Thursday, June 4, 2009

Man Raised From Dead: Verified by Doctor

I don't usually post miracle testimonies I haven't personally been connected to because I can't personally vouch for the credibility of the story. But this caught my attention and I wanted to share it for anyone interested in a testimony of a person raised from the dead and verified by a cardiologist.

Follow this link for the video. For another telling of it see this link.

11 comments:

Chase Warren said...

Hey Karla! How have you been? Long time no talk!

Karla said...

Hi Chase, doing well, very busy in the non-cyber world of late. How are you?

Chase Warren said...

The same! It's crazy but at the same time awesome, haha. Did you church ever find a building to use for worship and how is the ministry going?

Karla said...

Chase, yes we did. It's going well. I responded to you in more detail via myspace.

Will said...

I like how in that video it wasn't actually the prayer that raised him from the dead. It was the extra shock they gave him after the prayer. I mean, for someone like me who is atheist, I would have thought the story to be much more powerful if immediately after being prayed for the man for no other reason just got up and was alive again, but instead he had to be shocked back to life. Why was that necessary if it was the prayer that saved him?

Karla said...

According to the doctor the man had been dead over 30 minutes. Even if they had brought him back only by giving him one last shock he would have been severely brain injured. He was not. The guy was turning black they said before he prayed for him.

I can't personally vouch for the story, I don't know the man, the doctor, and I haven't talked to the interviewers about it. I don't know anyone who does know anyone involved.

I have seen miracles and experienced one, but this one just caught my attention on-line because it had a doctor involved. Most skeptics want a doctor's verification of the miracle.

You can always chock it up to being some kind of strange fluke of nature.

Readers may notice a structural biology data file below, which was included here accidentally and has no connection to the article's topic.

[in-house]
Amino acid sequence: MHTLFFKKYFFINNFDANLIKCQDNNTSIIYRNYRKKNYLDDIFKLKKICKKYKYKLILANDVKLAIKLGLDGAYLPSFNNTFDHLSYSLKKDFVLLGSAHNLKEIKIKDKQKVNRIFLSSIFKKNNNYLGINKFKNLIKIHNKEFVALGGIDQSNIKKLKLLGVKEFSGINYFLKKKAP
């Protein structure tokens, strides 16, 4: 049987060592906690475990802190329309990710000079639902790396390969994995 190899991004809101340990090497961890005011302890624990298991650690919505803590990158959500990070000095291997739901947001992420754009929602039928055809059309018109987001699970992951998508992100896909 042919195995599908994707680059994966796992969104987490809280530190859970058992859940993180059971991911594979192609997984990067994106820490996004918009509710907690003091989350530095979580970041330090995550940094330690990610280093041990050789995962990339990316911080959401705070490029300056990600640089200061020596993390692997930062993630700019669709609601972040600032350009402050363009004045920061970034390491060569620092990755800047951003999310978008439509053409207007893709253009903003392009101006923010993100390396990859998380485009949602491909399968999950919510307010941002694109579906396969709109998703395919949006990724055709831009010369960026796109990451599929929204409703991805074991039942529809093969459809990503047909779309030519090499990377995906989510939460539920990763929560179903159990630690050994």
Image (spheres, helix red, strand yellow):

Karla said...

Oh, and to me when the expected telling of the story isn't given it seems more credible. The doctor could have left out the details of the shock thinking people would ignore the prayer, but he told the full honest story. He didn't tell it the way one would expect a miracle story told, he told what happened and leaves it up to others to choose to believe it or not.

Will said...

ACtually he told the story exactly how I thought he would. I assume the only reason he didn't leave the extra shock part out is because there were numerous witnesses in the room that would have disputed his claims had he done so.

As soon as I started watching that story I knew exactly how it was going to end, with some sort of medical intervention actually being the reason this man lived. Sure it was speculation on my part, but then again, I was raised as an evangelical by evangelical ministers and time and time again I've seen credit go to god when there were other contributing factors to "miracles"

Will said...

P.S. The only reason the story didn't end the way that you expected is because you're on the other side of the fence on this. You expected it to solely be an act of god, and later on in the telling had to face the fact that if this did indeed happen the way that it is told (which as far as I'm concerned might have been completely made up considering this supposedly occurred at a "christian hospital" which by default makes me skeptical) resulted positively because of a last minute scientific decision.

Karla said...

I said "the expected" like what skeptics would expect. I have no problem with having him shock him once more. Often God asks us to do something as an act of faith that completes the miracle. He works through us more times than not.

I've seen miracles so it's not difficult for me to believe such stories. But like I said I am not in a position to personally vouch for it. I can personally vouch for my mother-in-law's arm growing and inch and a half instantly when my husband spoke for it to grow even with the other arm. I can vouch for a huge sinus infection and upper respiratory infection leaving my body instantly upon receiving prayer.

cl said...

Karla said, "You can always chock it up to being some kind of strange fluke of nature."

Sure, and atheists usually do. Problem is, such is no more or less rational than claiming it was a miracle. How some can proceed with such irony while calling themselves rational is another question entirely.